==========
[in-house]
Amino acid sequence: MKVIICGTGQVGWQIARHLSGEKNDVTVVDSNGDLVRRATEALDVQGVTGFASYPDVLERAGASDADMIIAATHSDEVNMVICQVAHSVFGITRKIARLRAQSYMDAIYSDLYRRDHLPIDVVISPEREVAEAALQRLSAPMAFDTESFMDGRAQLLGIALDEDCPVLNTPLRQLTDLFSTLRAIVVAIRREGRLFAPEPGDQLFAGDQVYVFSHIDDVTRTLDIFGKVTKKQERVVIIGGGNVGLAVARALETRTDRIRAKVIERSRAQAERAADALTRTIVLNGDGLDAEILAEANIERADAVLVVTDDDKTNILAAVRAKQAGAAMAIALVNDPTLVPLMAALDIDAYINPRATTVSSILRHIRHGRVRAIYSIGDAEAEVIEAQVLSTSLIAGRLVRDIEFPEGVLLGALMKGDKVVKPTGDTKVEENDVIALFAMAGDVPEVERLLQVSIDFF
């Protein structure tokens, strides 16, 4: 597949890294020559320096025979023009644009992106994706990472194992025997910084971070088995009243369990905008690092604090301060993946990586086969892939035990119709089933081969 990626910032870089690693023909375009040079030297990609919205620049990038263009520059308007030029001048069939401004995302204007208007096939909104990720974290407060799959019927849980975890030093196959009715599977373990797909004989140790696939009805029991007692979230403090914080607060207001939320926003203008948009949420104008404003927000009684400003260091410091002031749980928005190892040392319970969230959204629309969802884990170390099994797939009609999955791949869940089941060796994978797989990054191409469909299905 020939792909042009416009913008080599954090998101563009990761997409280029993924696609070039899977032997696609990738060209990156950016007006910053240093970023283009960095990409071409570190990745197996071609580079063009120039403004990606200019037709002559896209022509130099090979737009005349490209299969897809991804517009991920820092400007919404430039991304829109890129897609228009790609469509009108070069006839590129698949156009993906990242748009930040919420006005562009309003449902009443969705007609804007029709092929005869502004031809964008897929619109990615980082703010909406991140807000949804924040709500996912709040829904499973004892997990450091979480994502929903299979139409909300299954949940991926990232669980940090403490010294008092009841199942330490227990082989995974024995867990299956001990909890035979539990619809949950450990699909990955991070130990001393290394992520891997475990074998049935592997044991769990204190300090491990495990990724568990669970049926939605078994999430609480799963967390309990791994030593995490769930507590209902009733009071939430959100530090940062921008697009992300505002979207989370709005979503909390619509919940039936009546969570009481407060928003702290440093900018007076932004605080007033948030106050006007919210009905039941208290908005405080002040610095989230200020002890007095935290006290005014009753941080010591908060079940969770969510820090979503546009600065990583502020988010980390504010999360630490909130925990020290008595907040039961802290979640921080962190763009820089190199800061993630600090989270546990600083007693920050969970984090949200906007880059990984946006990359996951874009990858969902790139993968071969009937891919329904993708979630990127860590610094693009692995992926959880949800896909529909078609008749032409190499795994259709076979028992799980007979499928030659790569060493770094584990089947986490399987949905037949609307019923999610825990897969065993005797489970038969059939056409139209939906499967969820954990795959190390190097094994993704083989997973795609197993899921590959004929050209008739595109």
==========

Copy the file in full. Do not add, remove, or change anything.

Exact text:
[in-house]
Amino acid sequence: MKVIICGTGQVGWQIARHLSGEKNDVTVVDSNGDLVRRATEALDVQGVTGFASYPDVLERAGASDADMIIAATHSDEVNMVICQVAHSVFGITRKIARLRAQSYMDAIYSDLYRRDHLPIDVVISPEREVAEAALQRLSAPMAFDTESFMDGRAQLLGIALDEDCPVLNTPLRQLTDLFSTLRAIVVAIRREGRLFAPEPGDQLFAGDQVYVFSHIDDVTRTLDIFGKVTKKQERVVIIGGGNVGLAVARALETRTDRIRAKVIERSRAQAERAADALTRTIVLNGDGLDAEILAEANIERADAVLVVTDDDKTNILAAVRAKQAGAAMAIALVNDPTLVPLMAALDIDAYINPRATTVSSILRHIRHGRVRAIYSIGDAEAEVIEAQVLSTSLIAGRLVRDIEFPEGVLLGALMKGDKVVKPTGDTKVEENDVIALFAMAGDVPEVERLLQVSIDFF
């Protein structure tokens, strides 16, 4: 597949890294020559320096025979023009644009992106994706990472194992025997910084971070088995009243369990905008690092604090301060993946990586086969892939035990119709089933081969 990626910032870089690693023909375009040079030297990609919205620049990038263009520059308007030029001048069939401004995302204007208007096939909104990720974290407060799959019927849980975890030093196959009715599977373990797909004989140790696939009805029991007692979230403090914080607060207001939320926003203008948009949420104008404003927000009684400003260091410091002031749980928005190892040392319970969230959204629309969802884990170390099994797939009609999955791949869940089941060796994978797989990054191409469909299905 020939792909042009416009913008080599954090998101563009990761997409280029993924696609070039899977032997696609990738060209990156950016007006910053240093970023283009960095990409071409570190990745197996071609580079063009120039403004990606200019037709002559896209022509130099090979737009005349490209299969897809991804517009991920820092400007919404430039991304829109890129897609228009790609469509009108070069006839590129698949156009993906990242748009930040919420006005562009309003449902009443969705007609804007029709092929005869502004031809964008897929619109990615980082703010909406991140807000949804924040709500996912709040829904499973004892997990450091979480994502929903299979139409909300299954949940991926990232669980940090403490010294008092009841199942330490227990082989995974024995867990299956001990909890035979539990619809949950450990699909990955991070130990001393290394992520891997475990074998049935592997044991769990204190300090491990495990990724568990669970049926939605078994999430609480799963967390309990791994030593995490769930507590209902009733009071939430959100530090940062921008697009992300505002979207989370709005979503909390619509919940039936009546969570009481407060928003702290440093900018007076932004605080007033948030106050006007919210009905039941208290908005405080002040610095989230200020002890007095935290006290005014009753941080010591908060079940969770969510820090979503546009600065990583502020988010980390504010999360630490909130925990020290008595907040039961802290979640921080962190763009820089190199800061993630600090989270546990600083007693920050969970984090949200906007880059990984946006990359996951874009990858969902790139993968071969009937891919329904993708979630990127860590610094693009692995992926959880949800896909529909078609008749032409190499795994259709076979028992799980007979499928030659790569060493770094584990089947986490399987949905037949609307019923999610825990897969065993005797489970038969059939056409139209939906499967969820954990795959190390190097094994993704083989997973795609197993899921590959004929050209008739595109």